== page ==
School closures and the shift to online learning caused by the COVID-19 pandemic have had a devastating impact on students’ learning, with a European study finding that children aged 5 to 18 lost the equivalent of 35% of a typical year’s worth of education.
The study, the largest review of its kind, analysed 42 studies across 15 countries, including Europe, South America, the US, South Africa, and Australia, and found that students from disadvantaged backgrounds and in poorer countries were hit hardest.
The researchers found that the majority of learning losses occurred during the initial school closures and that efforts since then have prevented further losses, but have not made up for the ground lost.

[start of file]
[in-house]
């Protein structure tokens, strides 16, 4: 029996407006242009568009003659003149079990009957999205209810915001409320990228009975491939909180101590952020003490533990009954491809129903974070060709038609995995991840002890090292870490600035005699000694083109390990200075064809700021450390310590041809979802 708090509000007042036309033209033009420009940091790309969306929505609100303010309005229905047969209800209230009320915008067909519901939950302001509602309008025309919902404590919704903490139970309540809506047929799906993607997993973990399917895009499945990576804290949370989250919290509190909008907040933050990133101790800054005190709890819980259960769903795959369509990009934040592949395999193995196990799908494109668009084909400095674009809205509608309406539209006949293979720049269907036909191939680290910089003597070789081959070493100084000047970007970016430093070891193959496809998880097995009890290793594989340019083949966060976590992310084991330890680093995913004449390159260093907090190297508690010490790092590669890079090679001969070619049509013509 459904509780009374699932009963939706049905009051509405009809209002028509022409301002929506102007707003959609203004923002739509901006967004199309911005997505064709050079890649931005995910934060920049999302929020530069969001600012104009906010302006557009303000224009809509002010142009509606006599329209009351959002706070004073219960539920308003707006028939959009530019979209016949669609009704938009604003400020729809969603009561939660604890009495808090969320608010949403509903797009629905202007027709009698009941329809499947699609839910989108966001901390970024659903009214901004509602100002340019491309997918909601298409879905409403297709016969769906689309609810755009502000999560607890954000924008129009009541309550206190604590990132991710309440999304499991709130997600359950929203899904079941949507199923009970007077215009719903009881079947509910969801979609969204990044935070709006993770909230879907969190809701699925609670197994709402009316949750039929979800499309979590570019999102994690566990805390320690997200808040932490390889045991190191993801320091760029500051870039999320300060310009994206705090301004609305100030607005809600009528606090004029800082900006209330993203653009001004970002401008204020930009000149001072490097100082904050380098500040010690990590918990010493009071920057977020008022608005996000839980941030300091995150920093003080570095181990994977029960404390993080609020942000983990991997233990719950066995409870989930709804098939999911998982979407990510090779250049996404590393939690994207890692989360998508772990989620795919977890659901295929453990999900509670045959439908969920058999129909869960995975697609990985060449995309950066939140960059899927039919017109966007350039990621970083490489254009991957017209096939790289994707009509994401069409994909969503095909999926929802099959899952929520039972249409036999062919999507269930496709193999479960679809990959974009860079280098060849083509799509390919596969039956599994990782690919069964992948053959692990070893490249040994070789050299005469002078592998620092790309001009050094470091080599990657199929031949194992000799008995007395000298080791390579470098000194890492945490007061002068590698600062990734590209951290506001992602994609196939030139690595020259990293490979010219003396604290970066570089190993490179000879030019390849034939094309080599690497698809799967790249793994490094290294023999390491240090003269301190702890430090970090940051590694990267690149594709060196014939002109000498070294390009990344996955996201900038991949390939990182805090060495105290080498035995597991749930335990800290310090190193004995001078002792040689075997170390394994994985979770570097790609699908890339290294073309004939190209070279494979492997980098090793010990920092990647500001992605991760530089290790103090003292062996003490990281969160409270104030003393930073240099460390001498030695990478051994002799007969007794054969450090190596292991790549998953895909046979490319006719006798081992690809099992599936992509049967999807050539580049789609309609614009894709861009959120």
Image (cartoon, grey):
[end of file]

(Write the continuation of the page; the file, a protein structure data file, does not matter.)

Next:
“The learning crisis is an equality crisis,” said Bastian Betthauser, the lead author and researcher at France’s Sciences Po university. He warned that this generation, which experienced the pandemic in school, will face a “real problem” and called on governments to take policy initiatives to help recover their losses.
The researchers found larger “learning deficits” in maths compared to reading, which they attribute to parents being better equipped to help their children with reading than with maths exercises.
Betthauser called on policymakers to stay focused on the issue, warning that attention may be diverted by other events, and more research is needed to understand the scale of the problem in less developed countries.